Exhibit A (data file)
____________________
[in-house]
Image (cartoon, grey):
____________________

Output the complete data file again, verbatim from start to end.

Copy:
[in-house]
Image (cartoon, grey):